Secret UFO Files Reveal How "Engineering Students" Fooled British Govt About a Fake Alien Invasion Threat!
t all happened in 1967. Recently releases secret UFO files have revealed how the British authorities were fooled by a group of engineering students who managed to spark fears of a real alien invasion against the country in that year.
The files released by The National Archives said, “The police, armed forces and intelligence services were all mobilised following the ‘very successful’ practical joke made during a student rag week.”
The Telegraph reported how the authorities, including four local forces and a bomb disposal unit, swung into action after repeated calls from the public that six "flying saucers" were found in a perfect line across southern England. The newspaper further added, “Fears of a real 'war of the worlds' incident petered out after examination of the 'spacecraft' showed that it was an elaborate rag week hoax by engineering students.”
According to the released files, early in the morning of September 4, 1967, the police and RAF were flooded with calls from the public reporting six small "flying saucers" that had been discovered in locations in a perfect line across southern England from the Isle of Sheppey to the Bristol Channel. This set an alarm among the forces, as a result four police forces, bomb disposal units, the army and the intelligence branch were all mobilised, before it emerged the saucers were a hoax by engineering students from Farnborough Technical College. The joke was only discovered after bomb disposal experts opened up one of the objects and found it was a fake.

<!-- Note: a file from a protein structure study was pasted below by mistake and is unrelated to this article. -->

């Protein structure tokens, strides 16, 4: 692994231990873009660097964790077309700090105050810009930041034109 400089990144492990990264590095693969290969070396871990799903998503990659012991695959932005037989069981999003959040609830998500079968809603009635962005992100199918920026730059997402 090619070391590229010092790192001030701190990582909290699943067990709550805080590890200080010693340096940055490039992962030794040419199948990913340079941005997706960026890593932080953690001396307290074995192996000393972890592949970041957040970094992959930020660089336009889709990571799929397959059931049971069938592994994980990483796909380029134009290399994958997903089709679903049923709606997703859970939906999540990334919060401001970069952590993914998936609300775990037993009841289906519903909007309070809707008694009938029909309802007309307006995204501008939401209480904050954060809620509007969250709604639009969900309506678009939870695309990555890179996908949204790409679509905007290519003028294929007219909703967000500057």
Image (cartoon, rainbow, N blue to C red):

This story emerged as part of the largest ever release of UFO files, which also revealed a number of military sightings of UFOs, a claimed "alien abduction" in London and an unidentified aircraft shadowing a Lancaster bomber. They also disclosed how the phenomenon was discussed at the highest level of government and security services worldwide, including at the UN, the US Central Intelligence Agency (CIA) and was even the subject of a debate in the House of Lords.